Ó Tuathail (O'Toole), Éamonn (1882/3–1956), Irish-language scholar, was born in 1882/3 in Barndarrig, a townland on the border between counties Dublin and Wicklow, the son of Terence O'Toole of Rathvilly, Co. Carlow (who was a brother of the Rathvilly schoolmaster Éamonn O'Toole), and his wife Mary (née O'Driscoll), a hospital nurse. Liam Price (qv) in The place-names of Co. Wicklow, vol. v: The barony of Rathdown (1983), under Kilcroney (p. 312), lists Barndarrig as the name of a house in that barony, but situated in Co. Dublin. In Beathaisnéis, ii (1990), Breathnach and Ní Mhurchú state that they came on the name 'Barna Darric' on a farm gate in Kilcroney (Cill Chróine), Bray, a short distance from the main road to Wexford. In the census of 1911 Éamonn's age is given as twenty-nine and Dublin as the county of birth; he had a brother, James, and a sister, Mary. When his father emigrated to America, their mother Mary brought the family to Clandeboye, Co. Down, where her brother John was a steward of Lord Dufferin (qv) (1826–1902). Family evidence of this John O'Driscoll's interest in Irish history was a book he cherished. It was Lord Dufferin who arranged that Éamonn be apprenticed as a coachmaker with the Huttons of Belfast
While still in his teens Éamonn joined the West End branch of the Gaelic League in Belfast. In the league's journal, An Claidheamh Soluis, he is more often associated with the Lios na bhFiann branch in Rosemary Street, Belfast. Brian Mac Giolla Phádraig and Eleanor Knott (qv) state that his Irish teacher in Belfast was 'Beirt Fhear' (Séamus Ó Dubhghaill (1855–1929)), a customs and excise officer in Belfast and Derry. Like many other early Gaelic League members in Belfast, Ó Tuathail first learned Munster Irish. In 1901 he was appointed a travelling teacher (múinteoir taistil) in south Monaghan, and friends in the Belfast Gaelic League bought him a bicycle, a prime necessity for a múinteoir taistil. As a student in 1906 he attended the Irish summer college in Cloghaneely, Co. Donegal, and by the following year was one of the teachers there and the college's secretary. It was there he first made a study of Ulster Irish. He resigned from his Monaghan post on 12 October 1910 and was teaching later that year in St Enda's in Dublin, the school operated by Patrick Pearse (qv), and in the Leinster College of Irish (Coláiste Laighean). This latter move enabled him later to attend lectures in University College Dublin. He earned a master's degree in Celtic studies in 1914 and that same year was appointed principal in the Leinster College of Irish. In 1925 he was a member of the Gaelic League committee appointed to reform and enliven the movement after the disruption of the civil war. Aindrias Ó Muimhneacháin (qv) expresses the opinion that with Fr Laurence Murray (qv), an eminent Gaelic Leaguer, he was in favour of a separate language movement in Ulster (later to be Comhaltas Uladh, founded in 1926). For a brief period until 1929 Ó Tuathail was substituting for Frank Fahy (qv) in Castleknock college before being appointed professor of modern Irish in Trinity College Dublin, to replace Thomas Francis O'Rahilly (qv), who had moved to University College Cork.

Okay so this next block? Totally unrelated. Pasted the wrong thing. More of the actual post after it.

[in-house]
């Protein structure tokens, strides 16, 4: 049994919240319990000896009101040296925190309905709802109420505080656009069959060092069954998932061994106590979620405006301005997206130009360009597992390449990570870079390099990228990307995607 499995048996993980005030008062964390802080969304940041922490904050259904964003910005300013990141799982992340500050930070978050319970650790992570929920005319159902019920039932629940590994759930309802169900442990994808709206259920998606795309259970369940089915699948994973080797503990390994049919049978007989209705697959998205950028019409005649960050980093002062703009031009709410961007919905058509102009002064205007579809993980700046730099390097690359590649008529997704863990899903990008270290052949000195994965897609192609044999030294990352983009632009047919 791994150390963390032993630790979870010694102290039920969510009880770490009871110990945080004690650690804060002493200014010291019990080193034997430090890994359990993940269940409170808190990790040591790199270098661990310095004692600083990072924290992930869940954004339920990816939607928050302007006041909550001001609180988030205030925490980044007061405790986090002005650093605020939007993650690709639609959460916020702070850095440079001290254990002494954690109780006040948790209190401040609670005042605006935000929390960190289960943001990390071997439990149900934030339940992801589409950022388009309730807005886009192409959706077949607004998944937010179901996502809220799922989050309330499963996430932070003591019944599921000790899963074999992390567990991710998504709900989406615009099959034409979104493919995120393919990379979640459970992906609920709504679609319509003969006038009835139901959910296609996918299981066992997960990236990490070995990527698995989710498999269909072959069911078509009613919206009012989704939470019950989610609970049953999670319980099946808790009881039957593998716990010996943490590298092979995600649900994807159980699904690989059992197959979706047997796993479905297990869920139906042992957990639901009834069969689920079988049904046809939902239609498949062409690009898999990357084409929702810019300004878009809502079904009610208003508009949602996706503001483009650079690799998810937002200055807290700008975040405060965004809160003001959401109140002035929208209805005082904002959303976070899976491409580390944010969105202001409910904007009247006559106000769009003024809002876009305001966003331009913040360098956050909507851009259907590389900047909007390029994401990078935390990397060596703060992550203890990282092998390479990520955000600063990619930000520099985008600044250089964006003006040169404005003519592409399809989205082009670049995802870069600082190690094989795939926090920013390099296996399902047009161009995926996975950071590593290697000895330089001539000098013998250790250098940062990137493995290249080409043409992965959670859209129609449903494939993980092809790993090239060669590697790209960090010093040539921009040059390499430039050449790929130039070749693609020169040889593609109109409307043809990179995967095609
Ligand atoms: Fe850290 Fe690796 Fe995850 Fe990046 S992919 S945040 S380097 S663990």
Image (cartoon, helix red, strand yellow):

His main interests were folklore, songs, dialect, and the poets of south Ulster. His first work was Rainn agus amhráin (1923), consisting of poems collected by him and written in Meath, Armagh and Louth. His friends in the Leinster College of Irish made him a present of a Dictaphone in 1929 and this enabled him to concentrate on areas in Tyrone and Cavan, resulting in his Scéalta Mhuintir Luinigh (1933) and Seanchas Ghleann Ghaibhle (1934). His published essays and the poems he collected are listed in Clár litridheacht na Nua-Ghaedhilge, vols. i–iii (1938–40).
In 1923 he married Emily Noble of Dún Laoghaire, Co. Dublin; they had a daughter and son. Éamonn Ó Tuathail retired in June 1955 and died in Dublin on 21 June 1956.
More information on this entry is available at the National Database of Irish-language biographies (Ainm.ie).